October 15, 7pm
playwright and beloved Fine Arts Center staff member performs monologues known to enchant, horrify, tickle and poke at what we assume to be our ordinary lives
Joseph Daley & Marty Ehrlich
a masterful explosion of sound by these veterans of the saxophone and tuba
Through a compilation of monologues from his first collection of writings entitled, “enough of a little, to know the all,” Richard Ballon, playwright and long-time Fine Arts Center staff member, tells stories known to enchant, horrify, tickle and poke at what we assume to be our ordinary lives. Come meet the woman who thought she may have been in love with a changeling, the man whose identity is stolen by his lover, one of the Pelican girls sent to the colony to become a bride, the old man who wants to report a missing person but cannot remember his name, the mother who stole her son’s body. Richard Ballon’s work has been performed in New York City, Canada, Hawaii, Iowa, Boston, as well as locally. His poetry and monologues have appeared in Social Anarchism, St. Anthony Messenger, Changing Men, Onionhead, Fellowship in Prayer, Fag Rag, Visions International, The Haight Ashbury Review, Poetpourri, Zuzu’s Petals, The Lilliput Review, The Caterpillar Chronicles and The Good Ear Review. His short film Benefit of the Sponsor was supported in part by the Massachusetts Cultural Council and won first prize in Hometown Video’s Professional teleplay Category and has been aired at several festivals.
Joseph Daley’s deeply-hewn emotion and jubilant innovations are always at the core of his work, whether performing with his large ensemble or in the sparer solo, duo or trio contexts. Nearly forty years working with artists that include Sam Rivers, Carla Bley, Gil Evans, Charlie Haden, Taj Mahal and many more, Daley, best known for playing the tuba, also plays euphonium, valve trombone and is an acclaimed composer. Born in New York City’s Harlem, Joseph began his musical studies in elementary school and continued at the well-known High School of Music and Art. A scholarship to the Manhattan School of Music earned him a Bachelor’s degree in Performance, a Master’s degree in Music Education, and led to a career as a public school educator from 1976 until his retirement in 2005. Heavily dedicated to the education of young people to the highest values in musical understanding and expression, Joseph balanced his extensive educational commitments with recording and performing in the ensembles of some of the most provocative musicians on the contemporary jazz scene. He has also been a longtime collaborator with the highly respected composer/ethnomusicologist and master of non-Western instruments, Bill Cole.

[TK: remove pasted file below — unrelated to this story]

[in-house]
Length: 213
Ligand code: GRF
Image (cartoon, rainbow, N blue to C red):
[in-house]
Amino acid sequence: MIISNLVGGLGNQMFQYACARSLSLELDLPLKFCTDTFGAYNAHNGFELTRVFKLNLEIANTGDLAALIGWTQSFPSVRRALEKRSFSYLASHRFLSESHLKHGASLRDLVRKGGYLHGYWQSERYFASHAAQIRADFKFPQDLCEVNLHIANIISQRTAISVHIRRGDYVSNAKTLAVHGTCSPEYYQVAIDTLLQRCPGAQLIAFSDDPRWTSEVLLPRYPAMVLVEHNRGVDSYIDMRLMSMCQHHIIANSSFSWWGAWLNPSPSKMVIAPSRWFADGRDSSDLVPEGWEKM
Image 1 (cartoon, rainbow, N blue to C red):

Marty Ehrlich now celebrates 30 years in the nexus of creative music. Beginning his career in St. Louis, Missouri and graduating from the New England Conservatory of Music, where his teachers included George Russell, Jaki Byard, Joseph Allard, and Gunther Schuller, he has made 25 recordings of his compositions for ensembles ranging in size from duo to jazz orchestra. A multi-instrumentalist, passionate about improvisation and interpretation, Marty has performed with a who’s who of contemporary composers including Muhal Richard Abrams, Ray Anderson, Anthony Braxton, John Carter, Jack DeJohnette, Anthony Davis, Mark Dresser, Don Grolnick, Chico Hamilton, Julius Hemphill, Andrew Hill, Wayne Horvitz, Robin Holcomb, Leroy Jenkins, James Newton, Bobby Previte, Leo Smith, and John Zorn. He appears on over 100 recordings with these and other composers. His honors include a Guggenheim Fellowship in Composition, the Peter Ivers Visiting Artist Residency at Harvard University, composition grants from Chamber Music America and NYFA, Clarinetist of the Year from the Jazz Journalist Association, and a Distinguished Alumni award from NEC. Marty Ehrlich is currently Associate Professor of Jazz and Contemporary Music at Hampshire College.